Telling Children About Financial Problems Many families are facing difficult times as news of more layoffs hit daily headlines. How much should children be told about a family's financial situation?

Telling Children About Financial Problems

Telling Children About Financial Problems

  • Download
  • <iframe src="" width="100%" height="290" frameborder="0" scrolling="no" title="NPR embedded audio player">
  • Transcript

Many families are facing difficult times as news of more layoffs hit daily headlines. How much should children be told about a family's financial situation?


Fashion designers aren't the only ones affected by this recession. Just about all of us are dealing with the financial downturn. And if you have kids, there's a good chance they're picking up on it. So what do you say to your children when money is tight? Madeleine Brand recently put that question to Day to Day's personal finance contributor, Michelle Singletary.

MADELEINE BRAND: So, Michelle, how should you begin a conversation with your child?

MICHELLE SINGLETARY: Well, you really need to determine where they are. I mean, obviously, smaller children, you know, six and younger, they aren't going to really understand what's going on. The older children, they're going to know if there's some tension in the house, and things are - you know, you hear whispering, and daddy or mommy has lost their job. The thing you don't want to do is panic your children.

These are adult issues, and they should stay a part of your adult world. I certainly want to be honest with them, but you don't want to involve them with telling the creditor to, you know, call mommy back, that kind of thing.

BRAND: Well, what should parents say to their children when they - they're in the store, and they say, oh, I want to get that. I want to buy that. What would be the appropriate response?

SINGLETARY: I think you shouldn't say, oh, we're broke, and we can't afford this. Put it back. You know, say in positive terms, honey, we are budgeting, and that's really not on our budget. And that's really how I handle it for my children. I say, listen, I'm saving for your college. We, you know, have other expenses, and so that's really not in our budget to buy. Now, if they still get on my nerves, I'll say, look, you can't have that.

(Soundbite of laughter)

BRAND: You say, go out and get a job, and then we'll talk.

SINGLETARY: I do, actually. I say that quite a bit. I say, well, you know, if you want that, you need to get a job.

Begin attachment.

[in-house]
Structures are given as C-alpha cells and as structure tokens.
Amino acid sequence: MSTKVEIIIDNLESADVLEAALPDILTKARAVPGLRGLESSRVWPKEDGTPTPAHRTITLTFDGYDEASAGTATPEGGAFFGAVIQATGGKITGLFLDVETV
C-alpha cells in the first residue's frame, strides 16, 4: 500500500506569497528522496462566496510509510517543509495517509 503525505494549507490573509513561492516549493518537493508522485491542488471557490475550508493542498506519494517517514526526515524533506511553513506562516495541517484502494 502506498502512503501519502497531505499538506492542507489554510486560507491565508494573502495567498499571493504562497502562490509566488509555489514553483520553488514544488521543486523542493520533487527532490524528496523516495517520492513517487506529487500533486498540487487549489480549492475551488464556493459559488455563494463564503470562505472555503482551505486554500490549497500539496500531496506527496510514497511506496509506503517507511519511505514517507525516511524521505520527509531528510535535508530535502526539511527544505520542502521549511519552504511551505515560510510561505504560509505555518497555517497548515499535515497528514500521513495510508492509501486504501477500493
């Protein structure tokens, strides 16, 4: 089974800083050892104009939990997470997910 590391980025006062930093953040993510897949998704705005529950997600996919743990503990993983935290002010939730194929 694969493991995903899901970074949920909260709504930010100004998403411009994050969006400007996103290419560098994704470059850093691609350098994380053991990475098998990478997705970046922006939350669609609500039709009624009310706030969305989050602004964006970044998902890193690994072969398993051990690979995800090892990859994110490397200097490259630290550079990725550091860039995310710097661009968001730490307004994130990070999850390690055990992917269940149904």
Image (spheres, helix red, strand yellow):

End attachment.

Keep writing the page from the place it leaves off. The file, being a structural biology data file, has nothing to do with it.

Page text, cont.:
(Soundbite of laughter)

SINGLETARY: I use a lot of humor with my children. I really do because, you know, children will beg you and nag you and get on your last nerves, especially at a time like this when you know you don't have it, and you don't want to lash out at them, and you can because you're so tense and you're so scared. But you want to try to not do that because, you know, they're only kids for a little while, and you don't want to stress them out.

BRAND: Well, I mean, it brings up a good point that you can scare kids or you could turn it around and make it a learning opportunity. I mean, you could say, OK, this is what finances are, and this is how we budget, and why don't we learn something from this?

SINGLETARY: That is exactly what you do. And if you've lost a job, oryou know, God forbid, you're going to be put out of your house for foreclosure because that is happening to people. You sit them down, and you say, listen, we've had some financial difficulties. We have to move. We love you. We're going to get through this. The most important thing is our family. You want to assure them that you're going to do the best that you can to take care of them. You don't want to go and say, oh, they're going to take our stuff. I don't know what we're going to do. You know, that's not their issue.

And even if that's how you feel, and you feel like crying, wait until after that conversation and go in a room. And as far as budgeting, for example, I always tell my kids, now, if you want all of this stuff, we can't have the things that we value in this family. Like, we take a two-week vacation every year. And so I say, listen, in order to save for that vacation, we defer or we don't buy all this other stuff. Which would you like?

But don't scare the kids. Don't stress them out. Be honest with them. And let them know if you're losing your job or you have to move, but say it in a positive way that they know that they're still going to be taken care of even if that means you're moving in with another relative.

BRAND: Michelle Singletary, Day to Day's personal finance guru. She writes the Color of Money column for the Washington Post. Michelle, thanks.

SINGLETARY: You're welcome.

Copyright © 2009 NPR. All rights reserved. Visit our website terms of use and permissions pages at for further information.

NPR transcripts are created on a rush deadline by an NPR contractor. This text may not be in its final form and may be updated or revised in the future. Accuracy and availability may vary. The authoritative record of NPR’s programming is the audio record.